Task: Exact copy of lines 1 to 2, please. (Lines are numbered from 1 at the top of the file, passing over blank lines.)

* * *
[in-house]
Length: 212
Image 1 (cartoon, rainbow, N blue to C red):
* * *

[in-house]
Length: 212